BRITAIN'S FORGOTTEN CHILDREN by OMD London for Channel 4

Adsarchive » Promo , Case study » Channel 4 » BRITAIN'S FORGOTTEN CHILDREN

BRITAIN'S FORGOTTEN CHILDREN

Pin to Collection
Add a note
Industry TV Channels/Radio Stations and Programmes
Media Promo & PR, Case study
Market United Kingdom
Agency OMD London
Released April 2009

Credits & Description

Category: Best Use of Integrated Media
Advertiser: CHANNEL 4
Product/Service: TV SERIES
Date of First Appearance: Apr 16 2009 12:00AM
Entrant Company: OMD UK, London, UNITED KINGDOM
Associate Communications Planning Director: Garrett O'Reilly (OMD UK)
Strategy Director: Alex Ebdon (OMD UK)
Digital Director: Will Smyth (OMD UK)
Digital Strategy Manager: Tom McCoy (OMD UK)
Group Marketing Manager: James Walker (Channel 4)
Marketing Executive: Rosalind Godber (Channel 4)
Buying Manager: Nicola Ralph (OMD UK)
Associate Buying Director: Carl Connaughton (OMD UK)
Business Director: Molly Manners (4Creative)
Production Director: Ed Webster (4Creative)
Buying Director: Anna Wilson (Posterscope)
Associate Communications Planning Director: Jonny MacKay (OMD UK)
Account Executive: Katy Roberts (Posterscope)
Creative Executive: Tom Powell (4Creative)
Media placement: Channel 4 TV - Channel 4, More 4 - 16th April 2009
Media placement: Digital - E.g. Mumsnet, Facebook - 6th May 2009
Media placement: National Rail Ambient - Victoria Station Floor Stickers - 4th May 2009
Media placement: Milk Media - Sainsburys, Tescos - 4th May 2009
Media placement: Print - E.g. Sunday Times Magazine - 7th May 2009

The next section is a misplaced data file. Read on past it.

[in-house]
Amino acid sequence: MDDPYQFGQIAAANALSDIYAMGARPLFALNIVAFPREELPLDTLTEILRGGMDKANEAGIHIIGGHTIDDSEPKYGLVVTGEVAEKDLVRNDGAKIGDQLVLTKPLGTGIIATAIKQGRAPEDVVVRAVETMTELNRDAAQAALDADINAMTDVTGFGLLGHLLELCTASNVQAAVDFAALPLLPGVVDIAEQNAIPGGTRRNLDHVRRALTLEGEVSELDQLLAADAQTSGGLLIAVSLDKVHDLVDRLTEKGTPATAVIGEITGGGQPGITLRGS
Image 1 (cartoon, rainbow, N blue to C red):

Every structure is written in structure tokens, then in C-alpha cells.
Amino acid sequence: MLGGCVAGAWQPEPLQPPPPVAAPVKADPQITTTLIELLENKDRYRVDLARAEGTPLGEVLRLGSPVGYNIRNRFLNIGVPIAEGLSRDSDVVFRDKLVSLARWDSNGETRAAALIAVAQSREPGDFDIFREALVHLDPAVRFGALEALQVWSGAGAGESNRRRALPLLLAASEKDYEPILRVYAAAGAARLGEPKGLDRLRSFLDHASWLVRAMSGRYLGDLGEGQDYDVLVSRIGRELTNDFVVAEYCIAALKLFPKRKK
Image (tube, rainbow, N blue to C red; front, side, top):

Media placement: Commercial TV - GMTV - 11th May 2009
Media placement: Radio - National School Run - 11th May 2009

Results and Effectiveness
11.5m people viewed the season, eclipsing the numbers for previous seasons about more topical issues of knife crime and child literacy. 60% of those who saw our communications said they felt better about C4. Furthermore, the season drove significant increases in C4’s perceptions as controversial, thought-provoking and intelligent. Importantly, the season stirred the public into action. 87% of viewers felt it stimulated debate around this vital issue. Viewers were twice as likely to find out more about adoption and twice as likely to adopt in future. Finally, there were over 400 enquiries about the children in the real-life interstitials.

Creative Execution
We dropped our hard-hitting creative, which brought the harsh reality of the care system to life, into our audience’s happy family moments: • Family breakfasts. ‘Missing’ children ads appeared on the side of milk cartons, appealing for help in stopping kids disappearing into the system. Airtime on GMTV further targeted this family moment. • Family school runs. We challenged parents to imagine if their child was lost in the care system during their school runs using a national drivetime radio campaign. • Family living rooms. Our ad ran across C4’s portfolio, targeting jointly-viewed, family programming. Alongside this we interweaved interstitials featuring real children who were currently in social care and seeking adoption. • Family weekends. Children stuck in the care system disappeared into the family weekend newspaper supplements. • Family forums. We targeted families online, with display space and PR across key parenting sites, chatrooms and forums, to stoke debate.

Insights, Strategy & the Idea
As Channel 4 is ad-funded but state owned, the broadcaster must reconcile attracting commercially lucrative audiences and fulfilling a government-regulated public service remit. Britain’s Forgotten Children, a season of programmes about social care, delivered their public service remit but with adoption rates at a 10-year low, the audience potential was uncertain. Research indicated parents were concerned with the state of the care system but they prioritised it behind other more topical issues because of ignorance of any problems with the care system. Our strategy was to challenge happy families with the shocking reality of the care system to shake parents out of their apathy and stimulate a change in their attitudes. Success was reliant upon evoking a personal and emotional response. A bland statistic was too easy to ignore. Our solution was to juxtapose the cold reality of social care against the warm comfort of their own family lives.